To date I only have the two PDF Patterns. The Linnden Tote in Issue 18 of One Thimble, and the Ava-Grace. The Ava-Grace was prompted by the Emkie Designs ‘Mystery Bag Challenge’, and as a special promotion to celebrate the launch of the Linnden Tote, the Ava-Grace PDF pattern is on sale until this Friday 16th March at 20% off. You can find it here on Etsy and Craftsy
Picture: Ava-Grace, Style A with Horse-shoe Gusset.
What helps you work?
No distractions, a plan and music!
I’m quite methodical with how I work, and as we all know with any type of sewing, there is an order of construction. Unfortunately, all of this information for the numerous bags that I make is all in my head! It has been quite a process with producing my patterns to get it out of my head and written in such a way that is clear and easily followed. So far, the feedback on my patterns has been amazing.
Music and podcasts keeps me going all day long. In the mornings I listen to Pocasts. At the moments I’m loving Create and Thrive and Optimal Living Daily podcasts. After lunch I turn on the radio and listen to Triple JJJ or the local radio station– the regular news updates keeps me aware of the time so I’m not late for school pick-up.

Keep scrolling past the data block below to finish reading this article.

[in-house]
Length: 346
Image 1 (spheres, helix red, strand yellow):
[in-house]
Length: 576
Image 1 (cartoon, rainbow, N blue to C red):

What do you love most about bag making?
There are so many different elements to bag making. For me – as I make my own designs – there is the design drawings, pattern drafting, prototyping, pattern tweaking and final make. I absolutely love it when I can make a 2D idea into a 3D product, I love seeing it all come together with all the beautiful design elements and I love my customers responses to something I have made especially for them. I truly have the best job!
Do you have a favourite pattern or thing to sew?
Probably my Winona Tote. It’s my most popular bag in my accessories range and I’ve made it that many times now it’s second nature. I particularly love the variety it offers in the combination of fabrics that can be used, and the handles. When designing, I often don’t add the handles in until the last step…which is not necessarily the best thing to do as it can look like a total after thought. On the Winona, the handles turned into a great design element…. luckily!